Friday, December 9, 2011

Frosty The Snowman

The story of Frosty the Snowman is a kind of miniature of the Gospel.  Not the story of Jesus, but His promise to us of the resurrection.  Frosty prances about with the children, having fun and singing.  When he begins to melt away, he promises a return.  One imagines a glorified Frosty who is even stronger, happier, and even more of an adventure.

The song was recorded in 1950 by Gene Autry.  Autry had struck gold with his hit Rudolf the Red-nosed Reindeer in 1949.  This was indeed the hayday of classic Christmas music. Silver Bells, All I want for Christmas is my two front teeth, Jingle Bell Rock, Santa Baby, Nuttin' for Christmas, and Let it Snow all had their first hit recordings in the 10 years following the war.

A variety of artists have recorded Frosty the Snowman. The Beach Boys, Alvin and the Chipmunks, Ella Fitzgerald, Nat King Cole, The Jackson 5, and even Burt Reynolds have recorded Frosty's song.  Second Degree, Bing Crosby recorded a version of the song too.

Now, we've already done the post on Bing Crosby (click above link), but I wanted to share some unsettling things I discovered while reading Bing's obituary on the Holy Cross Cemetery website.  I had heard that he was a stern father who had disowned his gay son and was harsh with his other children as well.  In his final requests he writes
"Except as otherwise provided in this will and the trust, I have intentionally and with full knowledge omitted to provide for my heirs, and I have specifically failed to provide for any child of mine whether mentioned in this will or in said trust or otherwise."
Okay, so he probably continued the disavowing of his son through the trust.  Perhaps he excluded the others as well, but trust records are not public, so he may have left his straight children or grandchildren something.  You have to admit that the wording is harsh, distant, cold, and final.  He goes on
"my funeral services be conducted in a Catholic church; that they be completely private with attendance limited to my wife and the above-mentioned children; that a low Mass be said and that no memorial service of any kind be held. I further direct that, insofar as possible, services be held without any publicity, other than that which my family permits after my burial, which shall be in a Catholic cemetery."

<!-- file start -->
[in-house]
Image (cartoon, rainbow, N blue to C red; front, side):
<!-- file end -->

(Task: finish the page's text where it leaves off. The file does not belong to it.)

The obituary continues
 After his death, several of his sons painted a picture of Crosby as a cold and distant father, who severely punished his children. Son Gary Crosby wrote a controversial tell-all biography titled, "Going My Own Way" in 1983. Two other sons, Lindsay and Dennis, committed suicide.
Here he is singing with his wife and three of the seven he would eventually have.  Notice the extreme awkwardness of the family dynamic.  Did one of these boys end up taking his own life?

Does anyone else see a disconnect between the insistence on a Catholic burial and the hateful will?  What about the two suicides and (we read in the article) two marriages.  Do you think Bing is currently being praised for his Catholic faithfulness or suffering purification for the abandonment of souls he was blessed to have as children and charged to raise?  Can a Catholic parent disown a child because they struggle with or are plagued with a sin?   Perhaps Bing should have taken his character from White Christmas' advice and counted his blessings.

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